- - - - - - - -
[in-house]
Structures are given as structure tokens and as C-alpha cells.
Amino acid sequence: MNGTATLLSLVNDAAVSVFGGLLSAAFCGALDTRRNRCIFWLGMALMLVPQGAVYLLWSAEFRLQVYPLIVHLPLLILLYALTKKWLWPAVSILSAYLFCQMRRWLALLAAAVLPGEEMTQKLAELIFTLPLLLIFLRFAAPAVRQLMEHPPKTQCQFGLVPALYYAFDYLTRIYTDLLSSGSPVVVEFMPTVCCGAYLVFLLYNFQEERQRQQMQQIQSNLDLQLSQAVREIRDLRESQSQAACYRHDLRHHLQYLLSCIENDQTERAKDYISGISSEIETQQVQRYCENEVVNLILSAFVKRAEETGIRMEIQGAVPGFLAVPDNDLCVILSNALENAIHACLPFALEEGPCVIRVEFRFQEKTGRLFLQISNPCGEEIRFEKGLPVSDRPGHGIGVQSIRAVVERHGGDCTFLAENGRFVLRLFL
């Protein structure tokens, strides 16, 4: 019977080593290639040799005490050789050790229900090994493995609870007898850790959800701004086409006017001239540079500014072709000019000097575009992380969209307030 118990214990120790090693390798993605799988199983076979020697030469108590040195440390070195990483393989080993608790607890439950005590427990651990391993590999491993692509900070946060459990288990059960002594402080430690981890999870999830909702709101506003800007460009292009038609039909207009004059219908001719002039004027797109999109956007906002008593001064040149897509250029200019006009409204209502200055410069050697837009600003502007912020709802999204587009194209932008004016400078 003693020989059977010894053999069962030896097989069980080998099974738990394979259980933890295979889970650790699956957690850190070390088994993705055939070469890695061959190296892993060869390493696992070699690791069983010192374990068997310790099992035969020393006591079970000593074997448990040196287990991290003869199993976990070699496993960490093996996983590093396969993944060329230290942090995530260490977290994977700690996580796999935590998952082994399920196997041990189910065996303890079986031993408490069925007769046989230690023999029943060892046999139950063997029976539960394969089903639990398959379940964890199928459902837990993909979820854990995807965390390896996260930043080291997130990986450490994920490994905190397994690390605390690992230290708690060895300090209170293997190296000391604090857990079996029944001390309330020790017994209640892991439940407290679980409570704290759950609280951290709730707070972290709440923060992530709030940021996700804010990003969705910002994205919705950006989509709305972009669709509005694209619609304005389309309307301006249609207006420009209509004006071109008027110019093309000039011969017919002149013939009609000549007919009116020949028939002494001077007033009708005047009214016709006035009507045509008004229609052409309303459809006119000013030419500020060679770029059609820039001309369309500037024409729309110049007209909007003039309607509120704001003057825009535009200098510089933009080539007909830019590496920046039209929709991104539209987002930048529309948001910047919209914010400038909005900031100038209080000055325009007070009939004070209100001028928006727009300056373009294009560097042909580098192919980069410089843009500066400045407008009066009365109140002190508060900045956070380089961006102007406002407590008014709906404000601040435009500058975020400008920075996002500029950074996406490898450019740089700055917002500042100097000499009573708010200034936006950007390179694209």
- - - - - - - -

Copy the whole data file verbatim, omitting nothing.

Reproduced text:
[in-house]
Structures are given as structure tokens and as C-alpha cells.
Amino acid sequence: MNGTATLLSLVNDAAVSVFGGLLSAAFCGALDTRRNRCIFWLGMALMLVPQGAVYLLWSAEFRLQVYPLIVHLPLLILLYALTKKWLWPAVSILSAYLFCQMRRWLALLAAAVLPGEEMTQKLAELIFTLPLLLIFLRFAAPAVRQLMEHPPKTQCQFGLVPALYYAFDYLTRIYTDLLSSGSPVVVEFMPTVCCGAYLVFLLYNFQEERQRQQMQQIQSNLDLQLSQAVREIRDLRESQSQAACYRHDLRHHLQYLLSCIENDQTERAKDYISGISSEIETQQVQRYCENEVVNLILSAFVKRAEETGIRMEIQGAVPGFLAVPDNDLCVILSNALENAIHACLPFALEEGPCVIRVEFRFQEKTGRLFLQISNPCGEEIRFEKGLPVSDRPGHGIGVQSIRAVVERHGGDCTFLAENGRFVLRLFL
């Protein structure tokens, strides 16, 4: 019977080593290639040799005490050789050790229900090994493995609870007898850790959800701004086409006017001239540079500014072709000019000097575009992380969209307030 118990214990120790090693390798993605799988199983076979020697030469108590040195440390070195990483393989080993608790607890439950005590427990651990391993590999491993692509900070946060459990288990059960002594402080430690981890999870999830909702709101506003800007460009292009038609039909207009004059219908001719002039004027797109999109956007906002008593001064040149897509250029200019006009409204209502200055410069050697837009600003502007912020709802999204587009194209932008004016400078 003693020989059977010894053999069962030896097989069980080998099974738990394979259980933890295979889970650790699956957690850190070390088994993705055939070469890695061959190296892993060869390493696992070699690791069983010192374990068997310790099992035969020393006591079970000593074997448990040196287990991290003869199993976990070699496993960490093996996983590093396969993944060329230290942090995530260490977290994977700690996580796999935590998952082994399920196997041990189910065996303890079986031993408490069925007769046989230690023999029943060892046999139950063997029976539960394969089903639990398959379940964890199928459902837990993909979820854990995807965390390896996260930043080291997130990986450490994920490994905190397994690390605390690992230290708690060895300090209170293997190296000391604090857990079996029944001390309330020790017994209640892991439940407290679980409570704290759950609280951290709730707070972290709440923060992530709030940021996700804010990003969705910002994205919705950006989509709305972009669709509005694209619609304005389309309307301006249609207006420009209509004006071109008027110019093309000039011969017919002149013939009609000549007919009116020949028939002494001077007033009708005047009214016709006035009507045509008004229609052409309303459809006119000013030419500020060679770029059609820039001309369309500037024409729309110049007209909007003039309607509120704001003057825009535009200098510089933009080539007909830019590496920046039209929709991104539209987002930048529309948001910047919209914010400038909005900031100038209080000055325009007070009939004070209100001028928006727009300056373009294009560097042909580098192919980069410089843009500066400045407008009066009365109140002190508060900045956070380089961006102007406002407590008014709906404000601040435009500058975020400008920075996002500029950074996406490898450019740089700055917002500042100097000499009573708010200034936006950007390179694209």